England with the ancestors of the Manifield family in the Norman Conquest of 1066. The Manifield family lived in Mansfield, a parish in Nottinghamshire. The place-name itself is a combination of Celtic and Anglo-Saxon terms, and literally signifies the field by the hill called Mam, from the Celtic word for a mother or a breast.
Early Origins of the Manifield family
Nottinghamshire at Mansfield, a market town that dates back to the Domesday Book of 1086 where it was listed as Mamesfelde. CITATION[CLOSE]
Williams, Dr Ann. And G.H. Martin, Eds., Domesday Book A Complete Translation. London: Penguin, 1992. Print. (ISBN 0-141-00523-8) The place name literally means "open land by the River Maun," from the Celtic river name + the Old English word "feld." CITATION[CLOSE]
Mills, A.D., Dictionary of English Place-Names. Oxford: Oxford University Press, 1991. Print. (ISBN 0-19-869156-4) Looking back further, the area is known to date back to Roman times, with a villa discovered in 1787 by a Major Rooke and a cache of denarii coins found near King's Mill in 1849. Some claim the early English royalty were said to have stayed in the area, with the Mercian Kings using it as a base for hunting in the nearby Sherwood Forest.
Early History of the Manifield family
Another 209 words (15 lines of text) covering the years 1066, 1659 and 1666 are included under the topic Early Manifield History in all our PDF Extended History products and printed products wherever possible.
Manifield Spelling Variations
spelling variations are a hallmark of Anglo Norman names. Most of these names evolved in the 11th and 12th century, in the time after the Normans introduced their own Norman French language into a country where Old and Middle English had no spelling rules and the languages of the court were French and Latin. To make matters worse, medieval scribes spelled words according to sound, so names frequently appeared differently in the various documents in which they were recorded. The name was spelled Mansfield, Manfield, Mansfeild and others.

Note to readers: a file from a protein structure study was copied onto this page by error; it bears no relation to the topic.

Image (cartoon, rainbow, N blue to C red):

Early Notables of the Manifield family (pre 1700)
Another 40 words (3 lines of text) are included under the topic Early Manifield Notables in all our PDF Extended History products and printed products wherever possible.
Migration of the Manifield family to Ireland
Some of the Manifield family moved to Ireland, but this topic is not covered in this excerpt.
Another 35 words (2 lines of text) about their life in Ireland is included in all our PDF Extended History products and printed products wherever possible.
Migration of the Manifield family to the New World and Oceana
Because of this political and religious unrest within English society, many people decided to immigrate to the colonies. Families left for Ireland, North America, and Australia in enormous numbers, traveling at high cost in extremely inhospitable conditions. The New World in particular was a desirable destination, but the long voyage caused many to arrive sick and starving. Those who made it, though, were welcomed by opportunities far greater than they had known at home in England. Many of these families went on to make important contributions to the emerging nations of Canada and the United States. Analysis of immigration records indicates that some of the first North American immigrants bore the name Manifield or a variant listed above: David Mansfeild, who settled in Virginia in 1619; Elizabeth and Vincent Mansfeild settled in Virginia in 1653 along with William; Davy Mansfield settled in Virginia in 1623.
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